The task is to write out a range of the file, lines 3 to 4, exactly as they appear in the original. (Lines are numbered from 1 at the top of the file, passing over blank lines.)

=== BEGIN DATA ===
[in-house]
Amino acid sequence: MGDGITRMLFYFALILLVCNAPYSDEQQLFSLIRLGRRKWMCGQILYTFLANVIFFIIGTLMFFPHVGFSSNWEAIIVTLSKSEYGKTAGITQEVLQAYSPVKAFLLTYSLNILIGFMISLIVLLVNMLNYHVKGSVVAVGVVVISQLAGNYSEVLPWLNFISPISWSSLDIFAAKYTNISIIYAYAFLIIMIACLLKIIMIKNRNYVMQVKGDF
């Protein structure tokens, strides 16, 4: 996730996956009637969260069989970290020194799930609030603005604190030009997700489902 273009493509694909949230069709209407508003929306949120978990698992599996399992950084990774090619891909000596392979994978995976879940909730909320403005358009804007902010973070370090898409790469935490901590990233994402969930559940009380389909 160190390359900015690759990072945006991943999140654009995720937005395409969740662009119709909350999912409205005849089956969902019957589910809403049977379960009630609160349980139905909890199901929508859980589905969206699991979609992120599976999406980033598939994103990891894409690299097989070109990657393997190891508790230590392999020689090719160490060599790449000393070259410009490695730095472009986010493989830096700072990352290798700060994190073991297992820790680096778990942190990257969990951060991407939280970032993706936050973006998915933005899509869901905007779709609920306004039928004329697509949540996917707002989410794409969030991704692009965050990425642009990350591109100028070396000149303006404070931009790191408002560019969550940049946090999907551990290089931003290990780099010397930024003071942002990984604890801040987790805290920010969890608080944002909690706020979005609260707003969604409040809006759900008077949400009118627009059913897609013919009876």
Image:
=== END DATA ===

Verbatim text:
């Protein structure tokens, strides 16, 4: 996730996956009637969260069989970290020194799930609030603005604190030009997700489902 273009493509694909949230069709209407508003929306949120978990698992599996399992950084990774090619891909000596392979994978995976879940909730909320403005358009804007902010973070370090898409790469935490901590990233994402969930559940009380389909 160190390359900015690759990072945006991943999140654009995720937005395409969740662009119709909350999912409205005849089956969902019957589910809403049977379960009630609160349980139905909890199901929508859980589905969206699991979609992120599976999406980033598939994103990891894409690299097989070109990657393997190891508790230590392999020689090719160490060599790449000393070259410009490695730095472009986010493989830096700072990352290798700060994190073991297992820790680096778990942190990257969990951060991407939280970032993706936050973006998915933005899509869901905007779709609920306004039928004329697509949540996917707002989410794409969030991704692009965050990425642009990350591109100028070396000149303006404070931009790191408002560019969550940049946090999907551990290089931003290990780099010397930024003071942002990984604890801040987790805290920010969890608080944002909690706020979005609260707003969604409040809006759900008077949400009118627009059913897609013919009876």
Image: